(And I’m all ears!)

BTW Here’s an interesting article on the Application

nytimes.com/2011/03/05/scien … wanted=all


#93

Ah putting lawyers out of jobs - is there anything sweeter? :smiling_imp:


#94

Worth every penny so :laughing:


#95

In early 1997 the SEC changed the rules about when the initial investors could cash out. The change in wording looked innocuous enough but it was mostly responsible for the dot com bubble which pretty much destroyed the tech IPO market.

Pre '97 the rules were pretty simple. All initial investors could not cash out the vast majority of their stock until two years after the IPO. So the IPO company not only needed at least 8 to 10 quarters of profit (not just healthy EPITDA) but needed to remain healthy (and profitable) at least 24 months after the IPO. So the initial investors could only cash out successfully if the IPO was a genuine company with real strong growth prospects.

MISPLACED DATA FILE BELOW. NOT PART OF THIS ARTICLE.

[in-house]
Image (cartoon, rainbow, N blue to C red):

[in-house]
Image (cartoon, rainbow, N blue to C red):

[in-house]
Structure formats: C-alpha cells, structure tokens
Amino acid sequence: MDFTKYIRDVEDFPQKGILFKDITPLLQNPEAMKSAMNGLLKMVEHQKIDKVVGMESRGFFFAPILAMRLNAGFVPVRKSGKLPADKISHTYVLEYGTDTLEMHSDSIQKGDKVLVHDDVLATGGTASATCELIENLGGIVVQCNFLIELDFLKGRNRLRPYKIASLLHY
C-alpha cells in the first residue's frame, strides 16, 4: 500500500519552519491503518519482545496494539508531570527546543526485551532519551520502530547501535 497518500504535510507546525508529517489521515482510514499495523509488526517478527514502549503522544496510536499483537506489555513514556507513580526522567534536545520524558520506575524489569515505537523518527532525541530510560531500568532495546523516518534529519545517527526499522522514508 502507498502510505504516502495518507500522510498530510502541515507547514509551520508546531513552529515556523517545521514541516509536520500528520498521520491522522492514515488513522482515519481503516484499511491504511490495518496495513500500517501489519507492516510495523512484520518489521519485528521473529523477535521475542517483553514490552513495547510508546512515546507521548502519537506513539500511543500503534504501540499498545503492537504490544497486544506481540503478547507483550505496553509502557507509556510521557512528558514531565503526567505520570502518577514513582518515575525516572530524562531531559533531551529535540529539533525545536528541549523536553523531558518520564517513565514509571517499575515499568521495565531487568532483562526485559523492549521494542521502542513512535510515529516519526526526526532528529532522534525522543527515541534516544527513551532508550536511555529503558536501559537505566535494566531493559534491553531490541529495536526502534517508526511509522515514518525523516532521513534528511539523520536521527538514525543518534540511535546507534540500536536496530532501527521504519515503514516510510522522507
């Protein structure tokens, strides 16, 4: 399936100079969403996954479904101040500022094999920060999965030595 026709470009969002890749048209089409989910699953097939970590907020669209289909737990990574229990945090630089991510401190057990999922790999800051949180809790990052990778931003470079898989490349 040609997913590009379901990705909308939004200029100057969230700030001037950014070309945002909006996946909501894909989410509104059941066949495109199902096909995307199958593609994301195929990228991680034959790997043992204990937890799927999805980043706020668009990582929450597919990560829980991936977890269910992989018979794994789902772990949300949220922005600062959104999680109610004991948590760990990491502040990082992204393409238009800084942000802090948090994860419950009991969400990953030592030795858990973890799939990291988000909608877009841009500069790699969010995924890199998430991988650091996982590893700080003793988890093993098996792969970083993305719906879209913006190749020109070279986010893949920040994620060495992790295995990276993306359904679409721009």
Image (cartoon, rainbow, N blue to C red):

The rule was changed so that the time period became 12 month after the investment was made. So now all you needed was to create a company that looked half way plausible on the day of the IPO when all the initial investors could cash out. The schedule now looked like this. Someone makes a half way plausible pitch to the VC’s. By plausibly I means something that is likely to fly with the marks, sorry investing public, in 18 months time. So the VC’s put in the initial seed money and after 6 month if the idea still looks like it will sucker the “investors” on the opening day then the main round is made. That is why there have been so many me-too VC companies since '97. Easier to sell shit to the clueless if it looks like it is part of a “trend”.